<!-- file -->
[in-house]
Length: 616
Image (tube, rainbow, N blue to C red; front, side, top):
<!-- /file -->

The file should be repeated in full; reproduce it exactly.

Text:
[in-house]
Length: 616
Image (tube, rainbow, N blue to C red; front, side, top):